Getting cold in the middle of the night, or so hot and sweaty that you can't sleep, doesn't necessarily mean you didn't buy a good sleeping bag. More likely, you just bought the wrong sleeping bag. Since there are literally hundreds of models of sleeping bags available, perhaps even thousands, this happens more often than you would think.
While it is always important to consider how you plan to use equipment, sleeping bags tend to be more of a general-purpose general purchase. However, if you are planning on serious winter camping (in very cold weather) or mountaineering, you may well want to invest in a winter bag that is rated to twenty or thirty degrees below zero, in addition to a lighter bag for three-season use. Alternatively, some bags offer zip-out linings, so you have a double bag for cold weather, and your choice of the lining or outer bag for warmer conditions.
In general, three-season bags are rated to about 20 degrees above zero, which will work for warm conditions and usually be sufficient for brisk spring and fall nights. However, remember that there is no universal standard for bag rating. Also, people sleep at different temperatures, so while a 20-degree bag might keep your companion warm on a cold night, you might freeze in the same bag.
When you buy a bag, a good rule of thumb is to think about the coldest condition you might experience, and then drop down ten or twenty degrees. Keep in mind that it is more difficult to stay warm in an insufficiently insulated bag than it is to vent a bag designed for cooler temperatures. A bag rated to zero is usually a good choice, since it will keep you warm on unexpectedly cold nights, but can be zipped open for venting.
Wet Bags. Wet bags aren't as warm as dry bags. A simple means of keeping your sleeping bag dry is to place it inside a plastic garbage bag. (You can then use the bag for garbage on your hike out). If you have a down bag, always allow the bag to dry before you place it in your stuff sack. If possible, hang any bag outside of your tent in the morning, until you are sure the moisture has wicked away. The caveat here is to avoid excessive sunlight, so either find a shady place or pack up your bag before the day gets hot. Most shell fabrics are treated with a DWR (durable water repellency coating). Check the bag's care manual for when to reapply a waterproof booster.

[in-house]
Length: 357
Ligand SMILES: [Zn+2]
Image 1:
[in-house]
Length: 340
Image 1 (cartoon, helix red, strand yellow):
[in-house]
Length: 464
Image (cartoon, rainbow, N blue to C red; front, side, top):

Eating and Drinking also affect sleeping. Remember to eat and drink before going to bed. The warmer the food, the warmer you'll start out. If you go to bed cold, it is more difficult to warm up your bag. A brisk walk before bed, or a few stretches in the tent, can help to boost your body temperature. If you find you get cold sleeping at home, you'll probably have the same difficulties on the trail, so invest in a warm bag.
Tent or Bivy Sack. A tent or bivy sack will add at least 10 degrees F to the warmth of your bag. You can also invest in an outer bag or bag liner to boost your bag's capabilities for those frigid occasions.
Sleeping Pad. Always use a sleeping pad. It will help prevent conductive heat loss between you and the ground, as well as providing a more comfortable berth.
Extra Clothing. Bring along a light hat, gloves, and a pair of warm socks, even for summer camping. They can add crucial warmth on cold nights. Don't sleep in the clothes you wore hiking during the day, since they may be wet with sweat. Bring along a layer of warm, comfortable clothes to wear inside your bag, but none so bulky that they restrict circulation.
Tent Placement. Consider the placement of your tent or sleeping pad. Low areas may become pockets for cold air. High elevations, especially when exposed to wind, can also present a chilly problem. If possible, select a sleeping spot that is protected from the wind and weather.
Bag Handling. Shake and fluff your bag several times before jumping in. This is especially important for down bags, which may need time to fully loft. Some manufacturers recommend placing your bag (synthetic or down) in a warm dryer before embarking on a camping trip. The tumbling will help to fluff the bag, and will rid it of any residual moisture.
Stuffing your Bag decreases the life of the loft. Don't store your bag in a stuff sack, rather hang it in a cool dry place. When you do stuff your bag for travel, do it gently, and avoid leaving the stuffed bag in a hot car.